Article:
Crisis and Leviathan by Robert Higgs- A great book on foreign policy
I ♥ Robert Higgs because his book, Crisis and Leviathan, tells you more about the history (and future) of US foreign policy than Reagan’s favorite palm reader. I also ♥ the fact that he won’t stop reminding us about the value of his book. Writing for the History News Network the other day, Higgs minced no meat:
How do once-free people lose their liberty? The formula may be stated succinctly: crisis and leviathan. Alternatively, and somewhat more fully stated, the procedure for the government officials and their supporters who hope to gain by quashing the people’s liberties is (1) cause a serious crisis, thereby heightening the public’s fears, and (2) blame others for the crisis, pose as the people’s savior, and thereby justify the seizure of new powers allegedly necessary to remedy the crisis and to prevent the recurrence of such crises in the future. This gambit is as old as the hills, yet, given the right ideological preconditions, it works every time. Strange to say, the people never learn (in part because these experiences produce ideological change that fortifies the fiscal and institutional changes the government makes during the crisis).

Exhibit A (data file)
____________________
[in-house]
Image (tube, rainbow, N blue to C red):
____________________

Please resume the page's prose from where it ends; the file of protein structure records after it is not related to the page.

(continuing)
Today’s news brings us a perfect illustration—one of many during the past year of financial debacle and worsening economic recession. According to an AP report, “Treasury Secretary Geithner asked Congress on Tuesday for broad new powers to regulate nonbank financial companies.” Geithner, of course, earnestly expressed the finest motives: “We must ensure that our country never faces this situation again.” Geithner’s partner in crime, Fed chief Ben Bernanke, joined him in “calling for greater governmental authority over complicated and troubled financial companies.” These rulers of the universe want the legal power “to seize control of institutions, take over their bad loans and other illiquid assets and sell good ones to competitors.” (Extra-credit question: haven’t they been taking precisely such actions for the past year or so?)